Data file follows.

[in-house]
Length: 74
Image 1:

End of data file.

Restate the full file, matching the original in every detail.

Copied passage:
[in-house]
Length: 74
Image 1: